Sterkfontein Caves, Gauteng 

Vying with the Cango Caves to be the most famous caves in South Africa, the Sterkfontein cave system, one of the core sites of Gauteng’s Cradle of Humankind World Heritage Site, has revealed animal and hominid fossils that date back more than four million years. So, if you have any interest in archaeology or paleontology, this is a must-do.

Sterkfontein Caves are close to Joburg, making for a very interesting and easy day trip.

The tour starts with a visit to the excellent museum, then you follow your guide deep underground and past the spot where the famous ‘Little Foot’, an almost complete Australopithecus (early hominid) skeleton – estimated at 3.67 million years old – was unearthed. As with Makapansgat, this is fascinating from both a palaeoanthropological and geological perspective, but at Sterkfontein, they have fine-tuned the whole tourism experience: it’s slick, fun and best of all, since it’s on the outskirts of Joburg, really accessible. 

Buy a combo ticket and visit nearby Maropeng as well. In addition to the fascinating exhibits on display at the Original Fossil Area, the underground self-guided tour is a sensory journey from the very beginning of the world through to the present day and beyond, told through wonderfully interactive displays and via a boat journey back through the epochs.

If you’re up for a challenge, Wild Cave Adventures will kit you up with overalls, helmets and torches and take you on a voyage of one of the more infrequently visited caves in the area. After abseiling in through the roof of a massive cavern, you then clamber and crawl through a series of tunnels before finally emerging back into the sunlight. It should probably go without saying, but those with fears of the dark or small spaces need not apply.

Cango Caves.

Cango Caves, Western Cape

It’s a long drive from Joburg to the world-renowned Cango Caves, in the lee of the Swartberg Mountains, but it’s well worth it. In terms of grandeur, Cango is the crème de la crème of the country’s underground spectacles. The limestone rock system has been eroded to form vast caverns adorned with magnificent stalagmites, stalactites, columns and flow curtains – massive natural sculptures that simply cannot fail to impress.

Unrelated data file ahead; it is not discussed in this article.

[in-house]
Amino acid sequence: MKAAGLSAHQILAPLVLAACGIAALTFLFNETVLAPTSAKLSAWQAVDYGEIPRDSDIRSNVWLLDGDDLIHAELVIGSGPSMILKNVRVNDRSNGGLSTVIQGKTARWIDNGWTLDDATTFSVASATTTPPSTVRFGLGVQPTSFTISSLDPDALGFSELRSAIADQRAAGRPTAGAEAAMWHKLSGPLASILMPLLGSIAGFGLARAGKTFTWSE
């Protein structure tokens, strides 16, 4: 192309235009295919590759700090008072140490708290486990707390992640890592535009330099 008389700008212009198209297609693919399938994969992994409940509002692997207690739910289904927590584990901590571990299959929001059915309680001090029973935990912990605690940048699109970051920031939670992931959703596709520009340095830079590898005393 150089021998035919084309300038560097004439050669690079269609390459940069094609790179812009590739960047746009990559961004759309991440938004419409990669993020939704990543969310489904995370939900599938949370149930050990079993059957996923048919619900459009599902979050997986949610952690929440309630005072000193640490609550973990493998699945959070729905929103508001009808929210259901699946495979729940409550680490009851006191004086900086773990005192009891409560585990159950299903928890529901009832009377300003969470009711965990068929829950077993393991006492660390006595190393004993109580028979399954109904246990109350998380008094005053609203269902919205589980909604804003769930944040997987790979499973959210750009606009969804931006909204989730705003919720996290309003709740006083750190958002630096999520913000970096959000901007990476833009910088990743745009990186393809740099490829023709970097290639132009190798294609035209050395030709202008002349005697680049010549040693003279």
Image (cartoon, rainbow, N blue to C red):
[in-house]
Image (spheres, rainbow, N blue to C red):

The hourly 90-minute adventure tours offer deeper insight. After passing through the first two chambers of the primary caves, you branch off on to a kilometre-long circuit of narrower tunnels, squeeze-throughs and iron ladders that includes leopard crawling your way through the Tunnel of Love and negotiating the aptly named Devil’s Chimney, Coffin and Letterbox. 

A word of warning: some of these passages are narrow, so those of ample girth will struggle. This is a tour that is best suited to reasonably fit, agile and slender sorts!

There are a number of interesting caves to explore around the Cape Peninsula.

Cape Peninsula caves, Western Cape 

The Cango Caves experience is hard to beat, so, in many ways, it’s the perfect finale to a caving tour. But if the bug has bitten and you are continuing on south, we’d suggest a final subterranean adventure in the mountains of the Cape Peninsula.

There are several easy caves that can be safely explored by anyone with a head torch and a bit of common sense. Muizenberg Cave is short and sweet, while Boomslang Cave, above Kalk Bay, is a fun adventure involving scrambling through narrow passages all the way through the mountain.

Spelunking good fun!

Kalk Bay Caves.


Find out more 

Makapansgat: Mark Howitt, Mokopane Biodiversity Conservation Centre, 015 491 4314
Echo Caves: 013 238 0015,
Sudwala Caves: 083 446 0228 / 079 205 1688,
Gobholo Caves: +268 241 62180, 
Sterkfontein/Maropeng: 014 577 9000,
Wild Cave Adventures: 011 956 6197,
Cango Caves: 044 272 7410, 
Cape Peninsula Caves:

Source: AA Traveller

Makapans Valley
Echo Caves
Sudwala Caves
The Cradle of Humankind World Heritage Site
Cango Caves

AA Traveller